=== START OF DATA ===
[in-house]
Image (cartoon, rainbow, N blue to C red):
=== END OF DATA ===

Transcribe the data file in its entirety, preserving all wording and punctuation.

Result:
[in-house]
Image (cartoon, rainbow, N blue to C red):